First steps towards an AST


It would be great if we could create an AST for Markdown. That way, parsers could parse the Markdown to this AST then generate the HTML from the AST at the end. This separation of concerns (parsing MD vs outputting HTML) should lead to better debugging, inspection, and testing of markdown parsers.

So I decided to create an AST in XML. I spent about 4 hours on it.

Despite the fact that XML is subjectively the devil, it has pretty great support for validation, and that is why I chose to write a XML DTD that describes an XML document containing the AST, which should have all information that should be necessary to generate the HTML output of the parser.

You should also know that I recognize that XML is incredibly verbose, and I do not actually expect parsers to make an XML file - just to have an internal representation that they can readily dump as this kind of XML file.

I submit this document under the CC-BY license, in addition to the CC-BY-NC-SA license implicit in content posted on the forum.


Here’s an example of use:

EDIT: All these links are dead. Didn’t notice that they get removed after 30 days.
test1.xml: <-- abstract syntax tree

(by the way, that is pretty funny on Babelmark) the empty string


test2.html: the empty string

Ideally, we could get a tool that would take this AST and render it as output HTML. It doesn’t seem like that should be too hard - link references would be the only part requiring anything other than straight load-in, dump-out.

The next step would be to create a tool that would take the AST and turn it into Markdown. Then we can compare the HTML output of the parsers and the AST->HTML tool and find bugs!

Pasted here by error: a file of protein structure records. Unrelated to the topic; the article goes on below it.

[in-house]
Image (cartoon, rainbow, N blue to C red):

Use XML for the spec examples and tests? (comments welcome)
Abstract Syntax Tree is more important than implementations

I wonder if json can be used instead as an AST container. Or YAML etc…


An AST is meant to be abstract. @riking is including an XML format if you want it but it’s not required:

You should also know that I recognize that XML is incredibly verbose,
and I do not actually expect parsers to make an XML file - just to have
an internal representation that they can readily dump as this kind of
XML file.

I would think of it as a “visualization” of the AST, or a proof that the parser is using the correct AST.


How about support for generic syntax extensions?
Generic directives/plugins syntax


Not relevant this in thread. This defines an ‘intermediate’ representation between the ‘source document’ and ‘html’. This would allow for supporting other outputs like pdfs easier to implement.


And therefore it is relevant. If someone wants to extend a parser to cover syntax extensions you might need an IR to represent the parsed extensions, depending on what those extensions do. So it would be nice if the AST included guidance on what to do in this case so that different parsers and transformers maintain some kind of consistency.

I don’t know how this should look necessarily (and don’t have any experience writing DTDs) but it’s definitely relevant to this thread. For instance you could define 2 more elements:

<!ELEMENT blockextension >
<!ELEMENT inlineextension >

or maybe its possible to define them using an element name extracted from the extension @name.

<!ELEMENT block(%name) >